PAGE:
Time base correction

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Time base correction (TBC) is a technique to reduce or eliminate errors caused by mechanical instability present in analog recordings on mechanical media.

Without time base correction, a signal from a videotape recorder (VTR) or videocassette recorder (VCR) cannot be mixed with other, more time-stable devices found in television studios and post-production facilities.

Most broadcast quality VCRs have simple time base correctors built in though external TBCs are often used. Some high-end domestic analog video recorders and camcorders also include a TBC circuit, which typically can be switched off if required.

Time base correction counteracts errors by buffering the video signal as it comes off the videotape at an unsteady rate, and releasing it at a steady rate. TBCs also allow a variable delay in the video stream. By adjusting the rate and delay using a waveform monitor and a vectorscope, the corrected signal can now match the timing of the other devices in the system. If all of the devices in a system are adjusted so their signals meet the video switcher at the same time and at the same rate, the signals can be mixed. A single master clock or sync generator provides the reference for all of the devices' clocks.

Video correction[edit]

As far back as 1956, professional reel-to-reel audio tape recorders relying on mechanical stability alone were stable enough that pitch distortion could be below audible level without time base correction. However, the higher sensitivity of video recordings meant that even the best mechanical solutions still resulted in detectable distortion of the video signals and difficulty locking to downstream devices.[1] A video signal consists of picture information but also sync and subcarrier signals which allow the image to be framed up square on the monitor, reproduce colors accurately[a] and, importantly, allow the combination and switching of two or more video signals.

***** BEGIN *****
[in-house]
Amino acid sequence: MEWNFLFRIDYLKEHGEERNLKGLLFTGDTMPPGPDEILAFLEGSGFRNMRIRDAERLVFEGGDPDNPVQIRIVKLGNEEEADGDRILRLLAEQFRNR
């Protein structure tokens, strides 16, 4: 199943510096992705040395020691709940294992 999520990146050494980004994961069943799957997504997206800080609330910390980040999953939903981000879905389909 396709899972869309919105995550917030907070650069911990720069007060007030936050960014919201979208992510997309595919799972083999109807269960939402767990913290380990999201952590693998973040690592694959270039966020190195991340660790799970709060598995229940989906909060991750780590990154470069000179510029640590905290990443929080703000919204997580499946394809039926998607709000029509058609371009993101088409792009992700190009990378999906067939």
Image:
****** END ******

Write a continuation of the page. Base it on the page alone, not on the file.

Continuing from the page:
Physically there are only 4 types, dedicated IC, add-in cards for prosumer/professorial VTR/VCRs, desktop standalone units & dedicated rack mount units.

In the broadcast world, 1U Rack-mount type time base correctors were common & intended to be easily slid out of a rack on rails to be serviced, as these units were meant for 24/7 workloads and typically contained little to no SMD hardware, only operator serviceable through-hole electronics, making these units a substantially heavy device.

Software Time Base Correction[edit]

Software TBC Example (Luma Only) - 1989 VHS-SP PAL TapeDecoded with VHS-Decode in 2023

A modern 5th and final type of TBC being achieved in the late 2010s is software defined, packaged inside the open source python based VHS-Decode[2] & CVBS-Decode[3] projects which evolved from the LD-Decode project[4] which uses FM RF captures of analouge media signals then de-modulates and corrects the signal in software.

This introduced the .TBC file format[5] a lossless 4fsc digital format not dissembler to D-2 & D-3 videotape storing uncompressed composite/s-video (combined or Luminance/Chrominance separated) analog video signals in 16-bit unsigned grey scale values these can be opened inside the open source ld-analyse[6] for frame by frame analysis, closed captioning & VITC timecode readout these files can even be played back to analouge TV systems via a DAC or more commonly chroma-decoded and then encoded to a lossless compressed FFV1 .mkv video file via FFMPEG for archival and further processing.